Publisher: Balzer + Bray
Links: Goodreads | Amazon | Barnes & Noble

Synopsis from Goodreads

In case you haven’t heard of Ten:

Don’t spread the word!
Three-day weekend. Party at White Rock House on Henry Island.
You do NOT want to miss it.

It was supposed to be the weekend of their lives—an exclusive house party on Henry Island. Best friends Meg and Minnie each have their reasons for being there (which involve T.J., the school’s most eligible bachelor) and look forward to three glorious days of boys, booze and fun-filled luxury.

But what they expect is definitely not what they get, and what starts out as fun turns dark and twisted after the discovery of a DVD with a sinister message: Vengeance is mine.

Suddenly people are dying, and with a storm raging, the teens are cut off from the outside world. No electricity, no phones, no internet, and a ferry that isn’t scheduled to return for two days. As the deaths become more violent and the teens turn on each other, can Meg find the killer before more people die? Or is the killer closer to her than she could ever imagine?

General Impression

For those of you who enjoy mysteries reminiscent of Agatha Christie, but like a little taste of YA, Ten is definitely a book you need to pick up. McNeil eloquently and expertly wove a tale that adapted And Then There Were None in our day and age, with a cast of teenagers who are somehow all connected.

I’m not one to normally read the mystery and thriller genre. My genre is typically romance with a side of paranormal, mystery, thriller, etc. However, above all, Ten was a mystery novel. It had a side of romance, but the main focus was the murder and the suspense. This was a really refreshing change of pace for me! I really adored this novel and couldn’t put it down.


I also really enjoyed the characters. McNeil adds a fantastic layer of casual diversity. There’s a girl with anxiety and other disorders who needs to take medication. There’s a black football star. There’s an Asian singer. It was really refreshing to see such a diverse cast of characters! I also loved all of their backstories, especially the friendship between Meg and Minnie. They had a really complex and interesting history.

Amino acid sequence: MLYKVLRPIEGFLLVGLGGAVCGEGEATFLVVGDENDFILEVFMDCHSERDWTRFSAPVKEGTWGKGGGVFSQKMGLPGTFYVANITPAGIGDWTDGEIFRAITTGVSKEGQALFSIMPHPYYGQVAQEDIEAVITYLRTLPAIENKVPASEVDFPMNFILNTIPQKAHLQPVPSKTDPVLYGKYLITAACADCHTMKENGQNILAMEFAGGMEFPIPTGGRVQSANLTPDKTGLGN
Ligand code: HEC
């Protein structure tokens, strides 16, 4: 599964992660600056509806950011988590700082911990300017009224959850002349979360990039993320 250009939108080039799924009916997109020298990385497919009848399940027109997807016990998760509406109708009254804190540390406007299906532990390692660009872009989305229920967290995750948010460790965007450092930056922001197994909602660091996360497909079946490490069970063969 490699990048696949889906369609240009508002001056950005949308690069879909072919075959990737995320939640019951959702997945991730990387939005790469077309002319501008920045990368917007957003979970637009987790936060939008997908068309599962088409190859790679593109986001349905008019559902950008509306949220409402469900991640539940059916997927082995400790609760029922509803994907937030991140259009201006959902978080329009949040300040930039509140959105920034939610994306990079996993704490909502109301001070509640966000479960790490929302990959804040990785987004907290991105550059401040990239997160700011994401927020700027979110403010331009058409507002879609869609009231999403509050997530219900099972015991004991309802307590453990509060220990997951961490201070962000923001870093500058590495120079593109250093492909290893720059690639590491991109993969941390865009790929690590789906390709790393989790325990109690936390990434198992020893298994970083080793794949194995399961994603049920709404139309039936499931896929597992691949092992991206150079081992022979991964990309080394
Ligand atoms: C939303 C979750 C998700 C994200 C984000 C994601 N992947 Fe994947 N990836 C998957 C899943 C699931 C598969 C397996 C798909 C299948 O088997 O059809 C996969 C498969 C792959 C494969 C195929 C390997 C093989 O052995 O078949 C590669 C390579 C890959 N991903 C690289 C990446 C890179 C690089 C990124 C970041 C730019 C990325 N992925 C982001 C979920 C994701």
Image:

McNeil created a fantastic puzzle that kept the reader guessing. I spent the whole novel trying to figure out who the murderer was; I even fell for McNeil’s trap and guessed the wrong person, just like some of the other characters. In the end, I wasn’t disappointed. The murderer had such an intricate plan and the puzzle fit together perfectly. Everyone’s role made sense and it all just worked.

I also really loved the homage to And Then There Were None. It was cool how McNeil even included a dead fakeout, like Christie does in the novel. In Christie’s mystery, the deaths follow a nursery rhyme about ten little Indians. In McNeil’s story, the deaths follow a different pattern, though every single murder has a meaning. I thought that was a really cool addition to the puzzle! And, of course, the base of the story was the same. A mysteriously absent host invites the characters to a party on an abandoned island with no exit routes.


McNeil also added some cool aspects to make the story realistic. The characters were invited through Facebook. The storm prevented them from getting off the island. It definitely felt more believable. It’s easy to say, “There’s no way they’d be stuck on an island in the 21st century. They have so much technology!” However, McNeil makes sure to cover all of her bases and make it completely plausible that the characters are stranded.


Overall, I’d probably give Ten 4 stars. It was an interesting, pull-me-in, edge-of-your-seat novel that I ate right up. It just wasn’t a wow book. However, I had no complaints. I’d definitely recommend to anyone looking for a taste of suspense in their TBR!

4 stars

With lots of bookish love,